Someone Tell This Kid ‘Thou Shalt Not Throw A Tantrum If A School Refuses To Bend To Your Will’
Have you heard about the school strike currently going on in Marion, Ohio? Probably not, because it involves no teachers – in fact, this strike is limited to a single high school student. Freshman Anthony Miller is refusing to do any schoolwork or homework until district administrators agree to reinstate the copy of the Ten Commandments that used to adorn a stairway near Harding High School‘s main entrance.
The plaque listing the Ten Commandments was an outgoing gift from the Class of 1953 and was displayed in the school until this year, when it was taken down. School officials had been concerned over other Ohio schools‘ legal battles to keep similar religious artifacts in place; district Superintendent Gary Barber told local news station WBNS-10TV that he’d rather use tax dollars to, you know, buy textbooks and pay teachers rather than fund an unnecessary legal fight. Four for you, Gary Barber! You go, Gary Barber!
Miller, however, remains unconvinced. Since school attendance is legally mandated, he’s still going to class, but refuses to complete any work: not a single sentence parsed, not a single equation solved, not a single paragraph read. He insists he doesn’t care what happens to his grades, because the reinstatement of the Ten Commandments, in his public high school, is of paramount importance. Because, you see, it’s not a religious issue:
However, Anthony says the commandments are not just a religious symbol they are rules students should strive to follow.
That’s why he says he will continue his strike.
Um, no. I can get behind the whole “thou shalt not murder” business – that’s a pretty fundamental part of the whole social-fabric thing we’ve got going on (although if you need to remind students to follow that particular rule, your school probably has bigger problems than what is or isn’t posted on the walls). But it’s hard to figure out how “You shall have no other gods before me”, “You shall not take the name of the Lord your God in vain”, and “Remember the Sabbath to keep it holy” can possibly fall under the purview of totally-not-religious, applicable-to-everyone general rules to live by.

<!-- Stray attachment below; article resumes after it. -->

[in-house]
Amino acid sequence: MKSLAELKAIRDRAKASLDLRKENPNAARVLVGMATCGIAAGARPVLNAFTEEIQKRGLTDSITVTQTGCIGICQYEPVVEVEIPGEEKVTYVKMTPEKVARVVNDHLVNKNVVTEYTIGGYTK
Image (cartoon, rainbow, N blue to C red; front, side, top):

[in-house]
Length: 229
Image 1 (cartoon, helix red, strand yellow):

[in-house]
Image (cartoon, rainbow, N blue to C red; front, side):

In fact I think the only way you could possibly consider those three Commandments in particular to be perfectly secular is if you have your head buried so far up your perception of Christian cultural hegemony that you’re no longer aware that people who believe differently even exist. Or maybe you know they exist, but that they just don’t matter – at least not as much as your ‘right’ to have your favorite religion endorsed or enforced by your school.
The fight has been going on since September, and although Miller is the only student to go on strike, two others have started a petition to get the Commandments put back up. There’s no word on how many signatures they’ve gotten, but district officials have agreed to meet with students Wednesday morning to discuss the matter. Hopefully the words “you know you’re failing geometry, right?” come up at some point during the chat.
If the Ten Commandments are really so important to Miller, he could wear a t-shirt with them printed on it. He could tape a copy to his school folders and inside his textbook covers. He could put up a poster in his locker. Or he could
throw a tantrum go on strike until an exclusionary document gets re-posted in his school. One of these things would have gotten the Ten Commandments back into his school right away, and well within Miller’s actual legal rights. The other option has gotten Miller attention from Fox News and the Daily Mail. So much for that whole ‘not having any false idols’ business, I suppose.